Blogging Bayport Alameda

June 11, 2015

Public good

Filed under: Alameda, City Council, Public Resources — Lauren Do @ 6:01 am

I wanted to touch on the topic of the Navigation Center in San Francisco a little more because, in a former lifetime, the jobs I held focused either directly or indirectly around the subject of homelessness.  Again, not saying that Alameda needs a Navigation Center, but, as suggested by other commenters yesterday, it would be helpful if Alameda provided services for homeless folks beyond just a backpack and displacement.  A commenter mentioned possibly using old facilities or a shared facility to provide people a place for a shower.  Another concern for a lot of people on the streets is having a secure place to store belongings.

Anyway, a bit more about the Navigation Center:

The goal is to house the homeless for as long as 10 days in the center, where they can be evaluated to determine what is needed: a trip back to their home city to live with family, to be considered for permanent housing or for drug-treatment or mental-health services.

But few places, if any, have tried an approach that pairs an intake center with the potential for access to permanent housing and social services, city officials and national experts said. The San Francisco program also offers storage for personal belongings and even a kennel for pets.

Of course, much like the challenges of most Bay Area cities right now, Alameda doesn’t have the resources or the political will to actually help much on the housing front even though studies have shown that the most cost effective way to eliminate homelessness is simply to provide homes for people.  But with middle income families and individuals struggling to find housing that is affordable, very little is left to house the formerly homeless.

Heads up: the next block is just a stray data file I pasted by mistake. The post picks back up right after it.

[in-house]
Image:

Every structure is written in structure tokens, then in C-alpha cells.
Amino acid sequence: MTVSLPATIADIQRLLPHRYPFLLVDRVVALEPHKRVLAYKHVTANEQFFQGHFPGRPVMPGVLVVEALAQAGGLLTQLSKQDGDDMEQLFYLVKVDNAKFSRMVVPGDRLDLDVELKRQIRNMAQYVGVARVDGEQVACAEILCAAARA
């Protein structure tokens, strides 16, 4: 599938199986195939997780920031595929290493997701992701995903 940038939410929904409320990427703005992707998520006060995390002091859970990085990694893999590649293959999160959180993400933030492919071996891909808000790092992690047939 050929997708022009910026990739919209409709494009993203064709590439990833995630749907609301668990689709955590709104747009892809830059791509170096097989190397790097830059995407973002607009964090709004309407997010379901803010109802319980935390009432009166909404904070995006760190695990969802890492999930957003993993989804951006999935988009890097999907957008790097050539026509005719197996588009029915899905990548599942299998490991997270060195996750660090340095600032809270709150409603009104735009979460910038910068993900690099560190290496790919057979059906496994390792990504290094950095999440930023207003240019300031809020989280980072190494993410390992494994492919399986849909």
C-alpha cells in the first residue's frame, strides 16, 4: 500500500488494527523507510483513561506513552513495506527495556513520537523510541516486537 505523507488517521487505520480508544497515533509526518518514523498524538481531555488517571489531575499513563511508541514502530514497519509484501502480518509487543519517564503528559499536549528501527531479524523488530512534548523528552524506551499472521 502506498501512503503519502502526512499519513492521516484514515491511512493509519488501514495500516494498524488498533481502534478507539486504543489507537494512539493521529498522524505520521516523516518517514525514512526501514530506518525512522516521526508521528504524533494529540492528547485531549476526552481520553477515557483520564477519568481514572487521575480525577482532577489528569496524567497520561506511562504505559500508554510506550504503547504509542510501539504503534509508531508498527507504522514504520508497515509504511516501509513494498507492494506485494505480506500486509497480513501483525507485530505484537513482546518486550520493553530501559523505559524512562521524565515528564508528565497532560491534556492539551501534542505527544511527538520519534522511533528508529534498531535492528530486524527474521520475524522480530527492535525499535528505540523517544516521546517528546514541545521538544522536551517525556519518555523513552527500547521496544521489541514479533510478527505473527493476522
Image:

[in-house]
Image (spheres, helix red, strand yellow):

Of course Alameda has a ton of existing resources that would require much rehabilitation, but is a very real option.  For example, let’s take the Alameda Commercial United plan for the old BEQs at Alameda Point.  I’m not really sure what is happening with this, I’m assuming it’s dead?  I dunno.  Anyway, the plan was to turn it into dormitories for an international boarding school and pair it with senior housing.   Given the proximity to the planned VA clinic, a condition of approval for future reuse of the BEQs, particularly if it’s any sort of residential at all, could be the allotment of certain units for either transitional placement or permanent supportive housing specifically for homeless veterans.  It’s close enough to the Alameda Point Collaborative that they could help provide the services for the supportive housing.

But even starting small and helping out with basic necessities like I pointed out above: showers and storage would be a good and positive first step.


  1. I am sort of a member at Glide church in SF and they provide housing and job training programs for homeless, and a ton of other things, but you would be surprised at how many on them don’t want help. They come in for the food but that is it.

    It is funny how more churches don’t reach out to the poor or homeless. It is oxymoron…they preach one thing and do the opposite.

    In my opinion, most homeless need to be re-socialized and feel a part of society…you can give them housing, food, medical, mental and what ever to meet their basic needs, but until they feel like a responsible human being who is needed they will not get better. I am not an expert, it is just my opinion.

    Comment by Jake. — June 11, 2015 @ 7:54 am

  2. Somehow I get the feeling this whole idea was to flamboozle the rubes.

    Incorporation Date:03/24/2014

    Comment by jack — June 11, 2015 @ 9:30 am

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